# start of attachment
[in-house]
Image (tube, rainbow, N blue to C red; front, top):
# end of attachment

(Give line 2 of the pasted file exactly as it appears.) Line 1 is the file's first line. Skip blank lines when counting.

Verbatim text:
Image (tube, rainbow, N blue to C red; front, top):